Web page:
After teaching and working in schools for 16 years, I had an epiphany yesterday. Everything that is wrong with Memphis (insert your school system here) City Schools can be found in Bambara’s highly anthologized short story, The Lesson. I’ve assigned and discussed this work of fiction a number of times over my last six years as a college professor. During a discussion yesterday my students, which consist of both traditional and non-traditional students, raised a number of interesting theories in regard to the main character Sylvia. If you’ve never read The Lesson stop reading this post, pull it up on the internet, and spend about 30 minutes with Toni Cade.
The Lesson on the surface appears to be a power struggle between a young person and an adult. In many lectures students state that it is a coming of age story that utilizes society as a means to understand how a teen learns about the world around them. The story certainly has elements that would lead a discussion in this direction. However, what I realized yesterday was that, while everyone in the country is attempting to throw money at the American Educational System, while everyone is attempting to create districts that improve by joining great school districts with mediocre districts, no one is truly addressing the true issues that exist in education.
Bambara introduces Miss Moore in The Lesson. A woman who is driven by her own commitment to her people. She has been educated and realizes that it is her duty to return to her neighborhood and give back. Her giving back is in the form of taking the kids in the neighborhood on field trips where she can teach them about various educational subjects. Her ultimate goal is to make the kids understand that geography is not fate. Heraclitus’ words (Geography is fate) discussed by Ralph Ellison in 1971 led to an analysis of the Black student in America. Ellison realized that education had failed to take into consideration that a student’s struggles stem from where they come from. In The Lesson, Miss Moore realizes that if the students can be introduced to different experiences they will be able to move beyond their geographical boundaries.
My epiphany yesterday was that reading The Lesson can give any person an idea of what is wrong with schools. Miss Moore who has decided to give of her time, without compensation, represents teachers in the educational system who are underpaid, yet willing to sacrifice. The unfortunate thing for Miss Moore is that the parents are using these educational excursions to get free time. They are basically pushing the kids off onto Miss Moore not because they think that Miss Moore has something to offer.
The narrator of the story Sylvia is a young girl who speaks with the edge expected of a teenager struggling with the conflicts of growing up. Sylvia makes comments that sound a lot like the words of an older person. She represents the thinking of her parents. In her household she overhears the parents deriding/disrespecting Miss Moore when Miss Moore leaves the house. The parents make light of Miss Moore’s looks and her education. These conversations by the parents become the foundation for the ideas of Sylvia. Miss Moore is not only fighting the mores and reality of society in post civil rights America, she is a teacher fighting to educate students who are being taught to not respect education by their parents. Miss Moore is also encountering students who are not comfortable in their own skin, physically and literally. These students would rather attack each other first instead of being attacked by their peers. They name call, push and curse like sailors in an effort to be heard. The most important revelation yesterday was in Sylvia’s reaction to her cousin/friend Sugar who begins to become receptive to Miss Moore’s lesson. Sylvia literally stomps Sugar into silence just when Sugar is answering and understanding the purpose of Miss Moore’s lesson.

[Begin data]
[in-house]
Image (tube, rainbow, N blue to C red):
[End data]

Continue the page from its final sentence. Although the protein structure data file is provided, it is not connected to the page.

Sylvia represents the culture that is preventing the American Educational System from improving. America has literally decided to stomp on the foot of its children. Parents instead of supporting the educational system deride and disrespect teachers. They fail to support their student’s education and in turn children no longer have a real respect for education. Miss Moore in the end recognizes Sylvia’s anger in learning and Sylvia’s decision to stomp on and prevent the other children from learning, but Miss Moore does not say anything to Sylvia she looks at her with sorrow. Miss Moore represents those teachers who are silent and who fail to capitalize on a learning point. The epiphany that the students came to was twofold:
1. Black people prevent Black people from learning.
2. Black people will surround themselves with people who are not as smart as them because they look smarter and any shortcomings can be blamed on others.
3. The reason Black education/life is not as great as it could be is because Blacks are inefficient, apathetic and only look for acceptance instead of greatness.
In The Lesson is the complete and clear problem with education. Education will not be improved with money or school consolidation. Education is simply a reflection of the society. When education becomes valued as the answer to economic and personal success, any form of education, then the schools will improve. Toni Cade Bambara understood this, why is it so hard for us to understand?